Pentax K20D

APS-C AF digital SLR camera

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Specification

Production details:
Announced:January 2008
System: Pentax K APS-C (2003)
Format:
Maximum format:APS-C
Imaging sensor:23.4 × 15.6mm CMOS sensor
Resolution:4672 × 3104 - 15 MP
Crop factor:1.54x
Sensor-shift image stabilization:Yes
Mount and Flange focal distance:Pentax K [45.5mm]
Shutter:
Type:Focal-plane
Model:Electronically controlled
Speeds:30 - 1/4000 + B
Exposure:
Exposure metering:Through-the-lens (TTL), open-aperture
Exposure modes:Programmed Auto
Aperture-priority Auto
Shutter-priority Auto
Manual
Physical characteristics:
Weight:715g
Dimensions:141.5x101x70mm

Manufacturer description

PENTAX Corporation is pleased to introduce the PENTAX K20D lens-interchangeable digital SLR camera. This medium-class model offers superb image quality, an array of advanced features and outstanding reliability and operability to meet the specialized and exacting demands of photo enthusiasts, including advanced amateurs. It incorporates a newly developed image sensor to bring out the optimum performance of PENTAX interchangeable lenses, while offering the features and functions needed to maximize the pleasure and excitement of digital photography.

The K20D’s development was based on the popular PENTAX K10D, which not only attracted great interest and high acclaim from users around the world, but also swept prestigious camera awards across the globe in 2007.

The new CMOS image sensor, exclusively developed for K20D, is designed to optimize the performance of PENTAX interchangeable lenses. Featuring approximately 14.6 effective megapixels and the latest noise-reduction technology, it assures superb image quality a step above its predecessors.

The K20D also offers an array of advanced features and user-friendly functions, including: a new Custom Image function that lets the user select or adjust the image’s finishing touches to their preference; an upgraded, more reliable SR (Shake Reduction) system; a comprehensive Dust Removal system; a multi-mode exposure system for faithful reproduction of the photographer’s creative intentions; and a dependable dust-proof, water-resistant body construction. As a result, the K20D easily meets the diversified, exacting demands of discerning photographers.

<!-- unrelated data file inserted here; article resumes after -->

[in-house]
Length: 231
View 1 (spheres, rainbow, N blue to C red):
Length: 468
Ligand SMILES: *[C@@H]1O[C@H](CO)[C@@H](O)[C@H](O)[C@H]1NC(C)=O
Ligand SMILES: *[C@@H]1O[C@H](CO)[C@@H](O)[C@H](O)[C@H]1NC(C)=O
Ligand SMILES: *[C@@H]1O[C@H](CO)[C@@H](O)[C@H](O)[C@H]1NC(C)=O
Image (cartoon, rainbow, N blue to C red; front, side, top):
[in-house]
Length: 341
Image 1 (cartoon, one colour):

Major Features

1. High-quality image reproduction

■ Newly developed CMOS image sensor:

The K20D features a newly developed CMOS (complementary metal oxide silicon) image sensor measuring 23.4 mm x 15.6 mm. After a thorough review of previous image sensors, PENTAX greatly reduced the area of circuitry around the pixel field to expand the light-sensitive area, while narrowing the camera’ depth to nearly 60%, it achieved overall downsizing. Since it can detect diagonal light with great accuracy, the sensor can bring out the optimum performance of PENTAX interchangeable lenses. It also keeps annoying digital noise to a minimum by automatically raising its own sensitivity, allowing to increase the sensitivity from ISO 100 to the highest level of ISO 6400 (via a custom function).

■ Approximately 14.6 effective megapixels for true-to-life, rich-gradation images:

The K20D’s new CMOS sensor features an approximately 14.6 effective megapixels. Coupled with a high-performance imaging engine incorporating PENTAX-original image-processing technologies programmed to yield natural, true-to-life descriptions, it assures fine-detailed, rich-gradation images. In addition, the K20D features a new Custom Image function, which lets the photographer select one of six finishing touches to reflect his or her creative intentions with great ease.

■ High-performance, high-speed PRIME imaging engine:

The K20D incorporates the PENTAX-original PRIME (PENTAX Real Image Engine) as its imaging engine. Designed exclusively for PENTAX digital SLR cameras, it assures well-balanced, true-to-life images with faithful color reproduction by efficiently controlling digital signals transmitted by the CMOS image sensor and other photographic factors, including white balance. This imaging engine also features a DDR2 (Double Data Rate 2) memory to assure speedy image processing and high-speed data transfer.

2. PENTAX-original SR (Shake Reduction) mechanism assuring greater reliability

The K20D is equipped with the PENTAX-developed SR (Shake Reduction) mechanism, which effectively reduces camera shake for sharp, blur-free images even under demanding shooting conditions, such as when using a telephoto lens, shooting in the dark or at night without supplementary flash illumination, or using extended exposures for sunset scenes. This innovative mechanism offers an outstanding compensation effect equivalent to approximately 2.5 to 4 shutter-speed steps. In addition, the lighter image sensor unit and refined data-control algorithm realize further image stabilization. Since it does not require special anti-shake lenses, this extends outstanding shake-reduction benefits to nearly all existing PENTAX interchangeable lenses.*

* Lenses compatible with this mechanism are: PENTAX K-, KA-, KAF- and KAF2-mount lenses, screw-mount lenses (with an adapter); and 645- and 67-system lenses (with an adapter). Some functions may not be applicable with certain lenses.

3. New Live View function

The K20D features a new Live View function, which allows the user to view the image on the LCD monitor on the camera’s back panel during shooting. This comes handy when the photographer must move his or her eye from the viewfinder in specialized applications, such as low- and high-angle compositions. This function also allows the user to confirm the shake-reduction effect on the monitor during the shooting.